“The reason why we have cut the poverty rate in half is America’s social safety net. However, the GOP misrepresents the truth by not using the Supplemental Poverty Measure, which accounts for programs such as the Earned Income Tax Credit, the Child Tax Credit, and SNAP. Using this distortion, Speaker Ryan attacks programs like SNAP and the school lunch program with ideas like block grants that would return power to the states. This action would effectively decimate these programs, driving millions of Americans deeper into poverty and leaving them hungry.

“Congress should pursue policies that continue to lift people out of poverty, rather than instituting cuts. Democrats know how to prevent increased poverty. We should strengthen the Child Tax Credit and Earned Income Tax Credit, raise the minimum wage, guarantee equal pay for equal work, and ensure that all working families have access to affordable childcare. The poorest people in the country by age are our youngest children and by investing additional resources in families, we can give them a solid foundation for success. We need to pursue progressive solutions that make it easier for families to put food on the table, gas in the car, and money in the college fund.

“While Speaker Ryan rolls out a swanky new policy agenda in an attempt to offer an alternative vision to that of Donald Trump, Americans across the country are struggling. The only “better way” that Speaker Ryan’s recommendations will offer is a better way to fall into poverty. Speaker Ryan should immediately drop his recommendations, welcome Democrats and everyday Americans—including those in poverty—to the conversation, and offer real solutions to address this issue.”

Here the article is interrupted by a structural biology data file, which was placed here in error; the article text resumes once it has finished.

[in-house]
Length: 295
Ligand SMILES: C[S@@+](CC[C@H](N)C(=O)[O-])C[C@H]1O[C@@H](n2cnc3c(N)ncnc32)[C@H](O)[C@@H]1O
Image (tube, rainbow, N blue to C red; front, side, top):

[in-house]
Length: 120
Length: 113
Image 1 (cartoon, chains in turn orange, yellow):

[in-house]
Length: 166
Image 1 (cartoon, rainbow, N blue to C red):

Agriculture and Education Secretaries, Virginia Leadership Kick off Summer Meals Programs



PETERSBURG, June 7, 2016 – TODAY, U.S. Agriculture Secretary Tom Vilsack, U.S. Education Secretary John King, and Virginia First Lady Dorothy McAuliffe will visit a Petersburg elementary school participating in USDA’s Summer Food Service Program to kick off the start of the summer meals season. They will also be joined by U.S. Rep. Bobby Scott, and Virginia Secretary of Education Anne Holton. While there Vilsack, King, McAuliffe, Scott, and Holton will create summer meal flyers with young students, serve breakfast, and hold a press availability to raise awareness of the importance and availability of nutritious summer meals for children and teens.

The Summer Food Service Program ensures that low-income children continue to receive access to nutritious meals throughout the summer. Each year, millions of meals are served to children and teens at over 50,000 sites through the duration of the summer. With many kids relying on over half of their calories from school meals, hunger doesn’t end when school’s out.

Monday, June 6, 2016

Local Flower Farmer Dramm & Echter Donates and Places 12,000 Flowers at Arlington National Cemetery for Memorial Day